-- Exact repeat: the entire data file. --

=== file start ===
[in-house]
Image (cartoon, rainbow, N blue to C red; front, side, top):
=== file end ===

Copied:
[in-house]
Image (cartoon, rainbow, N blue to C red; front, side, top):